In this, the endless slog of paper bullies provide a more meaningful dread.
The Prince | Princess Trap
I… don’t think Tolkien or Jordan ever really integrated this element into their stories. Frodo, certainly, had no forbidden love with royalty and Rand sort of did, but then that was more like a harem and so does it really count?
Either way, forbidden love is a common trope and when that love is a forbidden princess (and foreordained on top), there’s plenty of tension for the author to play with. And he does, and it’s good writing. It also breaks up all the school scenes in a satisfying build up.
A trope it may be, but it’s one I wish more authors would use. I hate harems and too often true love comes across as little more than hormone-ridden teenage angst, which I admit is not something I find pleasant reading.
My biggest issue is when the entire point of the princess is the hero, like, that’s her reason for existing at all. It’s subtly but deeply misogynistic (or misandristic… 5), and David tries to avoid it by fleshing out the princess as a person the best he can. The subtlety creeps in during those fleshing-out scenes, when you realize the entire point of them is still our hero.
To be fair, this isn’t just the princess problem. She’s not the only one who’s only thinking about our hero; everyone else is too. All of reality, it seems, watches eagerly for what they will do next. This is to be expected to a certain degree; the book is about our hero, after all. The problem arises when you never catch a glimpse of people living their lives outside of our hero’s warm glow.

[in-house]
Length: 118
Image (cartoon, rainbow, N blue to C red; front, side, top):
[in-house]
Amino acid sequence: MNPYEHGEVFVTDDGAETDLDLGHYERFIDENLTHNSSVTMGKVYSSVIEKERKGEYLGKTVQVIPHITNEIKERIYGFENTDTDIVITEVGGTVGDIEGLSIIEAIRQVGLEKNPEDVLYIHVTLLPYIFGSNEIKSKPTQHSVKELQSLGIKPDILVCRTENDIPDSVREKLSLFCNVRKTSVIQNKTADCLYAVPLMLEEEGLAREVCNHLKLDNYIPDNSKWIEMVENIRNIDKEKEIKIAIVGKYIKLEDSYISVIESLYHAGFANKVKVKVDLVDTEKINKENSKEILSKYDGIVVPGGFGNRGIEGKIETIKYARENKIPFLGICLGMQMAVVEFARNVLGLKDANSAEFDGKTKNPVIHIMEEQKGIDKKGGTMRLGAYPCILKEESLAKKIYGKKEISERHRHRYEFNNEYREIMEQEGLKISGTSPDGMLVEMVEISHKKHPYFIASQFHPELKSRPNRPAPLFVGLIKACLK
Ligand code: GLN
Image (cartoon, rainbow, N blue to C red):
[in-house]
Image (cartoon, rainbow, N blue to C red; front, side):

David does not veer to egregiously into this, and he does do a lot to try to flesh out some of the other characters, but there did come a point where I started to feel as though I’d arrived in an uncanny valley where everyone’s attention was trained solely on the hero.
David has a history of trying to address racism, although he tends to depict it in a decidedly un-American way 6. His “Uncastes” series literally has it in the title. In the “Instrument” series, the overt castes has been replaced by actual races: Elves, Dwarves, and Human, mostly. This sets the stage for most of the bullying seen in the book. The Elves are superior, and they have an unhealthy obsession with bullying the weakling human race because… they can? I never quite figured out why.
The tension between the races drives a whole lot of the plot, and it feeds right into the underdog/bullying element.
It also felt thin.
Does all racism boil down into a type of bullying? Is it racist to take a whole race and depict them as racist bullies?
David doesn’t quite go there as much as he starts there, and then works to flesh out individual characters. He first paints the broad strokes of a society dominated by their own chauvinistic tendencies, then pulls individual characters out of that culture and gives them depth as they begin to realize their mistakes.